• Argenica’s ethics application to St Vincent’s Hospital Melbourne’s Human Research Ethics Committee has been approved
  • Argenica will undertake a Phase 2 proof of concept clinical trial of ARG-007 in acute ischaemic stroke patients 
  • Biotech awarded a $419k West Australian grant to develop a non-invasive administration route for ARG-007


Argenica Therapeutics has the green light to undertake a potentially company making Phase 2 ‘proof of concept’ clinical trial of its lead drug ARG-007 for acute ischaemic stroke (AIS) patients. 

Argenica Therapeutics (ASX: AGN) has announced its ethics application to St Vincent’s Hospital Melbourne’s Human Research Ethics Committee (HREC) has been approved, allowing the biotech company to undertake a Phase 2 proof of concept clinical trial of ARG-007 in acute ischaemic stroke patients.

The Perth-based AGN is developing novel therapeutics to reduce brain tissue death after stroke and other brain injuries.

Its lead drug ARG-007 has been successfully demonstrated to improve outcomes in pre-clinical stroke models, traumatic brain injury and hypoxic ischaemic encephalopathy.

Argenica CEO and managing director Dr Liz Dallimore says proving safety and preliminary efficacy in a human patient population is a pivotal moment for Argenica and the culmination of over a decade of research work to get to this point.

“We are confident we have designed a robust trial that is well structured and considered,” she says.

“Should the trial meet some or all of its endpoints, Argenica and ARG-007 are likely to garner significant commercial interest from large pharmaceutical companies.”


Trial sites across 10 Australian hospitals

The HREC approval allows AGN to start establishing trial sites in up to 10 hospitals across Australia.

Up to 92 patients will be dosed in the Phase 2 trial around Australia’s hospitals.

To date, hospitals that have confirmed their participation in the trial include:

  • Sir Charles Gardiner Hospital and Fiona Stanley Hospital in Western Australia;
  • Royal Melbourne Hospital, Monash Medical Centre and Sunshine Hospital in Victoria;
  • Royal Adelaide Hospital in South Australia;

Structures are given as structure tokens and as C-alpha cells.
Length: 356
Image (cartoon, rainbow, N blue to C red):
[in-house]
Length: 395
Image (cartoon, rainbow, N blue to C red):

• John Hunter Hospital and Liverpool Hospital in New South Wales; and
  • Princess Alexandra Hospital in Queensland.

Site governance is due to be completed at each hospital in late Q4 CY 2023.

Patients then presenting to the emergency department at these hospitals with a confirmed AIS caused by an occlusion in a large vessel in the brain and to be treated with endovascular thrombectomy will then be considered for eligibility to participate in Argenica’s trial.

Eligible patients will then immediately receive either a single intravenous (IV) dose of ARG-007 or saline placebo prior to undergoing a thrombectomy procedure.

The trial will be a double-blind study as both patients and staff treating the patients won’t know which treatments are being administered.

AGN says the primary objective of the trial is to evaluate the safety of a single dose of ARG-007 in participants with AIS.

The secondary objective is to characterise the effect of ARG-007 on reducing infarct volume (volume of brain cell death) in participants with AIS.


WA grant to further boost ARG-007

Meanwhile, AGN has received a West Australian Government grant of $419k under the Innovation Seed Fund Program to develop a new non-invasive administration route for ARG-007.

The new administration route will complement AGN’s current intravenous administration route formulation for ARG-007.

Given ARG-007’s demonstrated pre-clinical efficacy against chronic as well as acute neurological conditions, AGN sees value in having multiple ways ARG-007 can be administered.

Typically, each administration route will usually require a slightly different  formulation of a drug to maximise its efficacy through that route such as oral, nasal, intramuscular or intravenous.

The benefits of this approach are that the drug delivery better caters to patient preferences as well as different treatment regimes.

The company says patients with chronic conditions such as Alzheimer’s Disease, Parkinson’s Disease and concussion generally prefer drugs that  are easy to administer either by the patient themselves or a health care professional such as a tablet, nasal spray, or EpiPen.

However, for acute conditions – such as AIS, hypoxic ischaemic encephalopathy and severe traumatic brain injury – IV delivery is best because it is imperative that a single dose is delivered to the blood stream quickly.


Development of ARG-008

Development of an additional route of administration with a unique formulation will also  enable AGN to create an additional separate and distinct drug product for marketing approval.

Should the new formulation development be successful, the new drug product will be referred to as ARG-008.

Dallimore says the company is grateful for the WA Government’s support towards the project.

“Should Argenica be successful in developing this new administration route of ARG-007, it will allow the company to commercialise a new drug asset for chronic neurological  conditions,” she says.

“Following formulation development for the new route of administration, the project will also assess the efficacy of the new route of administration formulation in a preclinical  animal model of Alzheimer’s Disease to ensure the new route of administration dosing  provides optimal efficacy.”

Dallimore also says should the new route of administration formulation prove both novel and inventive, AGN will seek to lodge a provisional patent to protect the formulation.



This article was developed in collaboration with Argenica Therapeutics, a Stockhead advertiser at the time of publishing.


This article does not constitute financial product advice. You should consider obtaining independent advice before making any financial decisions.